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What about running 5 6V SLA batteries in series to get a 30V power source? I noticed that the 6V SLA betteries seem to have a higher maximum current than the 12V. The 12V don't get much higher than 15A for any sustained period, while the 6V double this - is this extra current with the 6V batteries a problem when powering on the unit (will the soft-start circuit be able to handle the 6V batteries?)?
Is there such a thing as NOT fully charging an SLA battery?
I would like to know if LiFePO4 Li-Ion rechargeable batteries would do the trick. Obviously, I would welcome anyone with any experience of using this later technology to give their views.
Vinnie,Thanks, very interesting .So basically, from what I can gather from your extensive answer is a LiFePO4 pack with a PCM is a no go because of a too variable voltage range, however, would employing a full smart charger improve the outcome?Isaac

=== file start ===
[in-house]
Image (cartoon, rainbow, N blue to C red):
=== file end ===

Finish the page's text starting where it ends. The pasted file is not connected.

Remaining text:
Vinnie, Sounds like you are doing a sales job on me (Actually, I've got your Black Lightening page bookmarked already ). I've spotted a mistake in my previous post, should read: "full-time smart charger", , i.e. having the pack under constant low current till cut-off. Anyway, this is what I have found, with the TWO.2 in mind (may be a pair of employing 2 packs). http://www.batteryspace.com/lifepo426650battery384v68ah26112wh30aratewithpcm.aspx
While LiFePO4 cells have a shutt-off voltage of under 3V, isn't this battery chemistry more resiliant (and even more responsive) to limitting discharge to way before this occurs. Looking at discharge curves, it seems that these shutt-off voltages are achieved suddenly and that most of the discharge life of these cells occur above 3.4V to 3.5V.So, besides the high cost of these cells, LiFePO4 may actually work well.
The second question is that I have read that charging batteries in series will result in an uneven voltage charge between batteries. Is this a sonic problem?
Finally I would like to ask the Virtue staff what the power connection is on the back of the Virtue 1.2.
Also, a note regarding Lithium cells. Some Lithium cell chemistries (ie, LiCoO2, LiMnNio4) seem to have a nominal voltage of 3.6V while (newer?) LiFePO4 cells seem to have a nominal voltage of 3.2V - which is what Vinnie was obviously referring to. Sorry for the confusion
Still the issues of 33.6 V peak voltage and the potentially low cut-off as menstioned by Vinnie.
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